Karen: What can you get from a writers conference? You can get networking. You can get teaching. But more than anything else you can get fellowship from people who understand you and who are for you. This is one of the biggest differences between being a writer in the Christian market and a writer in the general market, and that’s that we’re for you. Everybody else is for you. There’s none of the competition, there’s none of the resentment. And if there is we can pray about it together!
Kathy: We’re all on the same team. If God wants your book to be published, I want to help you work that out. If God wants my book to be published, I don’t have to step on you in order to have that happen. Because we’re all working for the same boss.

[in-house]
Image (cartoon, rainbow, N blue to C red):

Karen: Kathy, thank you so much for being with us and taking the time. We’re just delighted that God has lead you into this new adventure. And as we look at our own careers, at our own lives, we look forward to seeing where God has to take us next, too.
Kathy: I love that. Thank you so much, Karen and Erin. God bless you both.
We want to hear from you!
Have you been to the Mount Hermon Christian Writers Conference? What was your favorite thing about it?